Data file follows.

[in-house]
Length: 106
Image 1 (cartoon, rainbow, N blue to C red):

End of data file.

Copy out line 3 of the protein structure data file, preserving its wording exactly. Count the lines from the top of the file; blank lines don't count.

Image 1 (cartoon, rainbow, N blue to C red):